For a moment, the College Rugby Association of America (CRAA) Women’s Rugby Division II National Championship game was close.
The U.S. Coast Guard Academy jumped out to a 7-0 lead. Vassar responded to cut the lead to two. And then, as the Brewers usually do, they did not look back.
In convincing fashion, the Brewers captured their second consecutive National Championship, the program’s third since 2018, with a final score of 78-24.
After the Coast Guard got ahead by seven, Vassar responded with a dominant 78 to 10 scoring run.
Vassar’s dominance was well distributed, with five different players scoring tries. Sophia Bailey ’26 and Caeli Porette ’23 led the way with four tries each. Asia Baker ’24 scored twice, and Yasmeen Kassem-Scott ’26 and Julie Geller ’24 contributed a try each. Zoe Lynch ’25 added 18 points on nine conversions.
Porette, one of just four seniors on the roster, was named the Tournament MVP.
To those that have become accustomed to seeing tremendous Vassar rugby success in recent years, the 2022 season might appear to be almost an exact replica of the 2021 season.
In 2021, the Brewers finished the season 15-1, with dominant wins over the Coast Guard Academy in the National semi-final and Temple University in the championship.
This season, Vassar finished the season 13-1 and handily defeated Temple in the semi-final and the Coast Guard in the National Championship game.
But while the results might be near duplicates, the two championship rosters are far from identical.
“I think the most satisfying aspect about earning this championship is the fact that over half the squad are rugby rookies,” Head Coach Tony Brown told The Miscellany News in an email correspondence. Of the team’s 38 players, 21 were new to collegiate rugby when the fall semester began.
“The upperclassmen this September did a wonderful job recruiting freshmen and others to join the team,” Brown said.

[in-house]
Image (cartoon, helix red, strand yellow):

When fielding such a young team, no matter how evident the athlete’s natural ability for the game might be, lack of game experience is bound to emerge as an obstacle. This was only furthered by the fact that many of the players that did return to the roster from last season lost opportunities to gain competition experience because of COVID-19.
“The focus each year is about quality of performance, but this particular squad was very short on game experience on account of losing the Spring 2019 semester and the academic year of 2020-21. So the major challenge was organization, i.e. game management,” Brown admitted.
The 27th year coach praised senior leadership for adeptly conquering that obstacle.
“Captains Kasey Drake and Louise Ambler, both seniors, had the least amount of game experience of any leadership team of the past 25 years, but they grew into the role and led the team admirably.”
This year’s team had every reason to excuse the 2022 season, brushing off expectations of success as unrealistic. Instead, the program flexed its strength as a perennial playoff team that has made the Division II Final Four in nine of the last 10 seasons.
As the man largely credited with building both the women’s and men’s rugby programs at Vassar, Brown takes pride in the legacies that he has empowered his athletes to create by forming such a successful program.
“The lasting legacy of this leadership will be the players they recruited to the team, the joyous atmosphere they have created of being a member of the squad and that attention to detail with basic rugby skills will provide opportunity for success,” Brown said. “A great legacy for sure.”
Now as a back-to-back national champion, Brown is also looking ahead to what the future holds for Vassar women’s rugby. And after such an inspired season, he has every reason to be optimistic.
“There is a lot of enthusiasm allied with a real sense of journey and purpose. We have only four seniors so if the current squad sticks with the program, and works hard, they can be highly competitive.”